Of all the racetrack factors none is as important as the fitness of the racehorse you have under scrutiny for a possible wager.

The mighty horses of the past have all been beaten by horses several lengths inferior in ability, simply because the inferior horses were fitter. So, how does the punter determine the level of fitness in their choices assuming they cannot be at the racetrack and do not have the chance to view their selections in the parade ring?

Punters really only have current form and the spell dates of each runner to peruse, which are freely available in the daily newspapers and any trackwork or barrier trial information as published in certain specialist form newspapers such as The Sportsman.

In writing this article I am going to concentrate on the tools the average punter has available as per the daily newspaper they would normally buy for the news of the day and I will assume the punter will keep the form guides for future reference.

There are six areas relevant to “spell dates”; that is, the days since they last raced, which I believe can help the punter glean enough information to make a relatively informed decision whether to back a selection or to determine that alarm bells are ringing to suggest caution might be the better option than betting.

The areas are:
a)    seven days or less
b)    8-14 days
c)    15-20 days
d)    21 days exactly
e)    22 - 28 days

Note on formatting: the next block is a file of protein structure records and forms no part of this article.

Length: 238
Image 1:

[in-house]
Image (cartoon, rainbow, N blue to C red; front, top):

f)    29 days and longer

Firstly, it must be remembered that for a trainer to accept with a horse after a break of only seven days or less, it should be considered as a deliberate action because there are tight deadlines the trainer has to meet between the acceptance stage. He must also determine if the horse has recovered from its last race.

This tight deadline is particularly evident if the horse is backing up after five days or less. It is one thing for the trainer to seemingly signal he thinks the horse is fit and ready to front up again but two factors have to be considered before we madly rush in and start betting.

Some trainers are extremely proficient at the short back up methodology while others just send them around without really considering the second part of the equation, which is the horse.

Quite simply, some horses have an ability to front up seemingly week after week (Adavale Hornet in Queensland is a perfect current/recent example), and perform creditably while others do not have such a constitution and require at least two weeks away from competitive racing.

It is not unusual for a trainer to report after a horse has backed up quickly and has run poorly that “perhaps the quick back up did not suit the horse”, which is no help to the punter but at least it’s an acknowledgement or excuse for a defeat worth recording.

In order to hazard a sensible guess about a horse’s ability to back up quickly, we need to consult it’s past performance. If it has shown in the past it can front up twice in one week or less in the appropriate class relevant to today’s race, we can back this horse with confidence.